Intel: after the Ponte Vecchio accelerator it’s up to Rialto Bridge
Non solo Sapphire Rapids, Intel now ready to introduce the other element of its renewed strategy in the supercomputer sector, the accelerator Old Bridge based on Xe HPC architecture. We have talked about it several times in the past, but at the German event Intel not only allowed us to photograph it closelyboth the single chip and the accelerator in OAM format, but he also told us about what to come next.
Ponte Vecchio is a truly complex project that counts over 100 billion transistors and a total of 47 tiles joined together through packaging and interconnection technologies such as Foveros and EMIB. Not all elements of Ponte Vecchio are produced internally by Intel, some are made by TSMC. In addition, 128 GB of HBM2E memory is on board.
The accelerator, together with the Sapphire Rapids CPUs, will be the heart of the Aurora supercomputer that aspires to surpass a computing power of 2 exaflops, leaving behind the Frontier, the new fastest system in the world.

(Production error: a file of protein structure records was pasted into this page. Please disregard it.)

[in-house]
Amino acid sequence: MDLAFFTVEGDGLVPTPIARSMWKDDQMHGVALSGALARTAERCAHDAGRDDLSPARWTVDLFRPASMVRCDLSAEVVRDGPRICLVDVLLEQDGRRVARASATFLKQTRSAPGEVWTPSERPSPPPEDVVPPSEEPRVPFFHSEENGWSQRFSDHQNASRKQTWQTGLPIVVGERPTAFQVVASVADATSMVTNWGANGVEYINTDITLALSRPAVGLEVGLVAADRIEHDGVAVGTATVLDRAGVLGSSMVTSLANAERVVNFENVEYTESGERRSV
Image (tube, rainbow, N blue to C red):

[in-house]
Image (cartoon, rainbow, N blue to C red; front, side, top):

The company also confirmed to us that roughly in the middle of 2023 we will see Rialto Bridge, the successor of Ponte Vecchio. Jeff McVeigh, VP and GM of the Super Compute Group, explained to us that Rialto Bridge represents a “Tick“in Intel’s” Tick-Tock “strategy: in practice, the company will not propose a new architecture, but by practicing various efficiencies – including the use of better manufacturing processes will be able to guarantee more performance and bandwidth.
Among the steps forward we find the increase of the Xe cores, from a maximum of 128 up to 160, so is the transition to a second generation OAM format. Furthermore, a rationalization of the project, with the passage to fewer tiles, cannot be ruled out. McVeigh, in the chat with the European press, did not hide the fact that complexity is shifting from the chips to the package.